Based on our protocol, drug allergy was confirmed in 82 (13.5%) of all patients referred: 14 (20%) male, 54 (80%) female, age 16 to 79, average age 44. In 49 (72%), the hypersensitivity reaction was immediate with erythema and urticaria. In 19 (28%), the reaction was delayed with urticaria and/or maculo-papular rash.

Discussion

Immediate hypersensitivity to penicillin was confirmed only in a minority (13.5%) of all patients referred, with a higher incidence in female patients, which is consistent with data from the literature (9).

Serologic tests were positive in 8%. The specificity of commercially available serologic tests is reported to be as high as 86 to 100% (5), but specificity declines rapidly if tIgE is higher than 500 kIU/l (8). Nevertheless, the diagnostic value of sIgE in diagnostics of penicillin allergy is limited due to low sensitivity (40-70%), which also diminishes over time (5). In our group, tIgE was determined in only 11 patients (22% of sIgE-positive patients), and in four of these patients sIgE was found to be falsely positive due to high tIgE, which was proved with negative DPT. However, at the time of our study data on the low reliability of sIgE against penicillin in subjects with high tIgE had not been published yet. Overall, we can speculate that proper evaluation of serologic tests would have decreased the final number of patients designated as penicillin-allergic by approximately 10%.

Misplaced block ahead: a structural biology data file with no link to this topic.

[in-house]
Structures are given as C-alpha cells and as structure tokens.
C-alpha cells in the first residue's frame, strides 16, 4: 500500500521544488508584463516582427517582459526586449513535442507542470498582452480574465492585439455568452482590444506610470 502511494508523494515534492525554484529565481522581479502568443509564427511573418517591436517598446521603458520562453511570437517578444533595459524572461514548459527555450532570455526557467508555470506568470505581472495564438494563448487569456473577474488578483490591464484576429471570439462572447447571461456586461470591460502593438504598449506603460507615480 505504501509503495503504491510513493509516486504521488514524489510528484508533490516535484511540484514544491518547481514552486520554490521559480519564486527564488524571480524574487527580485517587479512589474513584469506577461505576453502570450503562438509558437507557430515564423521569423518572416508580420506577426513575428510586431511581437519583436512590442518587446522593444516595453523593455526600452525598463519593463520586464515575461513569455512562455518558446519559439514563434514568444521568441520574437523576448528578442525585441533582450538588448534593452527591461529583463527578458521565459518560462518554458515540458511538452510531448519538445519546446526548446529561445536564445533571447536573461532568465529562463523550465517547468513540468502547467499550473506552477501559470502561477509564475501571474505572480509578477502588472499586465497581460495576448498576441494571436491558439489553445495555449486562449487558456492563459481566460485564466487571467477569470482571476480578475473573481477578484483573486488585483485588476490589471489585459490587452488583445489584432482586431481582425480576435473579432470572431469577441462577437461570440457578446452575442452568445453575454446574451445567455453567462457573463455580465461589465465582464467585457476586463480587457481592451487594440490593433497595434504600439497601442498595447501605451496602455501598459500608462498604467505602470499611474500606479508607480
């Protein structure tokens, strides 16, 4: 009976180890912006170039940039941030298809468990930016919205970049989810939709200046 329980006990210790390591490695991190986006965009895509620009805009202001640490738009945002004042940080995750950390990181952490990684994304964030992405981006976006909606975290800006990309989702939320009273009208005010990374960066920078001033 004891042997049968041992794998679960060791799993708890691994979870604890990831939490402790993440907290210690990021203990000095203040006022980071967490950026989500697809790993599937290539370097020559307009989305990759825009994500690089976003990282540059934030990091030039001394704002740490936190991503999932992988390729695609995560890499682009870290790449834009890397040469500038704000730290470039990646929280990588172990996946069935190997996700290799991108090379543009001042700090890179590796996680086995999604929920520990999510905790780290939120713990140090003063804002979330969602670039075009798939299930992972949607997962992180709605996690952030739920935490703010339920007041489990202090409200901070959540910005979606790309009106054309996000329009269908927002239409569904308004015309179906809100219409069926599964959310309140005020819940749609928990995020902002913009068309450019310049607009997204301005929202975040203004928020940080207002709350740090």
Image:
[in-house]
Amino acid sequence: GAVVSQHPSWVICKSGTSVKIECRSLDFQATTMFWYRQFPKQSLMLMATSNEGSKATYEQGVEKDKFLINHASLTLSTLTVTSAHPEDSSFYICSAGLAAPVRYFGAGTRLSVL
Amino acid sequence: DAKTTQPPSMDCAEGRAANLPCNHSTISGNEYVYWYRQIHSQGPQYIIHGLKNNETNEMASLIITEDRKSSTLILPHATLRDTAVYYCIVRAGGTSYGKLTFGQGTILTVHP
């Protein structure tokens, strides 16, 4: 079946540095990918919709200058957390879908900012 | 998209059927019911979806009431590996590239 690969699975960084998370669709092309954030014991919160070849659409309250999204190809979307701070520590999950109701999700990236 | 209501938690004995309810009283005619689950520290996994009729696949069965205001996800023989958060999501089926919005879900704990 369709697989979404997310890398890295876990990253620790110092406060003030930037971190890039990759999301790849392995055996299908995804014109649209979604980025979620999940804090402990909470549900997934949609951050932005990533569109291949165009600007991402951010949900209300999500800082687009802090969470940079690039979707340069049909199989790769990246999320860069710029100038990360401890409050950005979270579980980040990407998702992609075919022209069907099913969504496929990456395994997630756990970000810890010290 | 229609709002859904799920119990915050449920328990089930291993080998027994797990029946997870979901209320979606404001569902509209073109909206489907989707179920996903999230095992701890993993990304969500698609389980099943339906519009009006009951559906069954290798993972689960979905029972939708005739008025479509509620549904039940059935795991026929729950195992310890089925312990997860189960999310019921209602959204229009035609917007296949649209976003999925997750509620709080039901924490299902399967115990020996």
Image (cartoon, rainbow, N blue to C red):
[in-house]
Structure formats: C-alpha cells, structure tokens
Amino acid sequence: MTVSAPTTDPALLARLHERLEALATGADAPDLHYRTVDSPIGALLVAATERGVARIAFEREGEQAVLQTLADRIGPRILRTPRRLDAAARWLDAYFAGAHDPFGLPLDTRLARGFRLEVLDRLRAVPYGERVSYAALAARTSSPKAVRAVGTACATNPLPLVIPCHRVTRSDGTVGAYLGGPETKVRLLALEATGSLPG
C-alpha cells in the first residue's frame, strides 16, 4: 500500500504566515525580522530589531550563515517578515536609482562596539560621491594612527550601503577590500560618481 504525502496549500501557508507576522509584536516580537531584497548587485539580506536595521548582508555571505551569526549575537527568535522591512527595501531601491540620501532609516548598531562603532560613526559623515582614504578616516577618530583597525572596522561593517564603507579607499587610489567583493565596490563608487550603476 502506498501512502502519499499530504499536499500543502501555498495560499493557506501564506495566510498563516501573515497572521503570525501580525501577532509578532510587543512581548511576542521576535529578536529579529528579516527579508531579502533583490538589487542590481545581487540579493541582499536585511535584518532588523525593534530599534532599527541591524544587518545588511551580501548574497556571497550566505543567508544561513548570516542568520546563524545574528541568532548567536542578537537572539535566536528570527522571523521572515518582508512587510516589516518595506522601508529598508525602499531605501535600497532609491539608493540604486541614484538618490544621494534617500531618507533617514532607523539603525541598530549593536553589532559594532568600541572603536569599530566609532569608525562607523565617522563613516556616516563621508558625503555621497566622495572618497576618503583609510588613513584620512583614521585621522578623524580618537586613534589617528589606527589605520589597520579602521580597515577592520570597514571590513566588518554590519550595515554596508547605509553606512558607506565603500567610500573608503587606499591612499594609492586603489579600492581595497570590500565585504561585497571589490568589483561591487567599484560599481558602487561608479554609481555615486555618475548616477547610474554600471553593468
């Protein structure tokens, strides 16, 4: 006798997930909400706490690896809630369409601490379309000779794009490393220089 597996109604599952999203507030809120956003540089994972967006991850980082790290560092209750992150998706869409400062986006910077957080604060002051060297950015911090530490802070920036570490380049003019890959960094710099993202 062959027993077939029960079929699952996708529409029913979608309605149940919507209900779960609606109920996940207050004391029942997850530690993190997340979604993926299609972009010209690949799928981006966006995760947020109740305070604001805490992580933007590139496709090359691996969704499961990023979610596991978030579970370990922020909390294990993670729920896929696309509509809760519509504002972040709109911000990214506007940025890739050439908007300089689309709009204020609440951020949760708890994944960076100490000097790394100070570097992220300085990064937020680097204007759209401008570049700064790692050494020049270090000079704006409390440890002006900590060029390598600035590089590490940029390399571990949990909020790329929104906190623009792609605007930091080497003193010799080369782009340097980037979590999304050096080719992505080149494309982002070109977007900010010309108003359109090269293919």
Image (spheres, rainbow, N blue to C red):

Skin tests were diagnostic in a further 5% of patients. The specificity of skin tests is reported to be 98%, and sensitivity ranges from 22 to 70% (5). Although systemic reaction in IDT is reported in up to 10% of patients with immediate hypersensitivity to antibiotics, we did not experience any. However we did not perform in vivo tests in patients with positive sIgE.

Serologic and skin tests both have comparable good specificity but low sensitivity, but from the financial point of view skin tests are far more favorable. However, in a study on patients with negative skin tests and positive DPT, commercial serologic tests were positive in 3/15 patients. The positive predictive value (PPV) of serologic tests was 45% and the negative predictive value (NPV) 77.1%, with much better results in patients presenting as anaphy-lactic shock (PPV 100%, NPV 17.8%) than in those with urticaria (PPV 70.9%, NPV 82.2%). Based on this study, serologic tests should at least be performed in patients with a clinical history of anaphylactic shock and negative skin tests in order to avoid severe reactions during drug provocation tests (10).